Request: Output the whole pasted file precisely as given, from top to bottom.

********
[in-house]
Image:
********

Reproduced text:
[in-house]
Image: